This, to begin, is the El Rey theatre. It has been the El Rey theatre since it was built in 1936, designed by Clifford Balch. Clifford Balch was active in California in the 1930s, but then so were a lot of people. That doesn’t make it, or him, special. ‘El Rey’, in Spanish, means ‘The King’.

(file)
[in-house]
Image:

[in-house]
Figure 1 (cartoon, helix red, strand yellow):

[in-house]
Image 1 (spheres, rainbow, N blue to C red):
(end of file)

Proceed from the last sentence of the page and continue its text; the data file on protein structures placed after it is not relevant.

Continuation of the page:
In 1821, when Mexico was declared independent from Spain, the members of various European royal houses were solicited. Would they like to become the first King of Mexico? Tragically, the wording of the invitation is lost. The idea in itself is by no means absurd. In 1832 the new nation of Greece, keen on statehood but unsure of how to go about it, ended up with Otto of Bavaria as its first ruler. After a disappointing innings, he was deposed by nationalists, and replaced by George I. George I of Greece was Danish, married a Russian to whom he spoke German in private, and raised his children to speak English. These are not the sort of starts you recover from easily. The Greek monarchy was abolished by a military junta, but once democratic government was reestablished the people singularly failed to welcome them back, and the court of Constantine, as it was, convened from then on in London. Perhaps they met for tea with the Italian royal family, also in exile, Umberto III reaching the end of his life unable to set foot on home soil. Prince Michael of Romania, the only known Soviet monarch, might have joined them. Romanian royalists, unsure of the quality of the much-loved nonagenarian’s descendants, offered the crown of Romania in exile to Prince Charles, the Prince of Wales. He politely declined.